Friday, August 29, 2014

Platanthera obtusata ssp. obtusata


Platanthera obtusata, ssp. obtusata, the Blunt-leafed Rein Orchis is found only in the far northeast corner of Washington but is very common further north and east.  It grows "in the mountains east of the coastal ranges south of Alaska."  The single "blunt" leaf is distinctive and with its flower spike the plant is only 35 cm tall.  The whitish-green flowers are 2 cm and resemble a long-tailed bird in flight.  It is not a striking species but has a quiet beauty all its own.

July 8
(Canadian Rockies)


July 10
(Canadian Rockies)













Wednesday, August 27, 2014

Amerorchis rotundifolia


The genus Amerorchis has only this one species.  It is closely related to the European genus Orchis and was once classified as part of that genus.  Under either name, it is the only such species in the North America.  It does not, however, grow in Washington, though it grows in Idaho and Montana and other northern states further east.  It is not a large plant, growing to 20 cm tall with 1.5 cm flowers.  Where it is found, however, it often grows in profusion, carpeting the ground.  We have been in places where it grows so thickly it is difficult to walk without stepping on plants.  It has a number of different color forms one of which we found this summer and which will be the subject of a future post.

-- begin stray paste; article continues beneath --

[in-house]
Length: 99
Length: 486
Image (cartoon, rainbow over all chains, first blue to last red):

July 8
(Canadian Rockies)












 July 10
(Canadian Rockies)











Saturday, August 23, 2014

Cypripedium passerinum


Cypripedium passerinum, known as Franklin's Lady's Slipper or the Sparrow's-egg Lady's Slipper, has flowers that are usually much smaller than the other Lady's Slippers in our area, around 5 cm and they look much smaller in proportion to the plant, which is usually around 35-40 cm.  The flowers are usually single with occasionally two to a stem.  They do not open widely either, the dorsal sepal nearly covering the lip on most flowers.  They are nevertheless very attractive little flowers, but they do not grow in Washington, in fact, they are recorded from only one mainland state, Montana.  We see them in the Canadian Rockies in British Columbia and Alberta.

July 3
(Canadian Rockies)






July 9
(Canadian Rockies)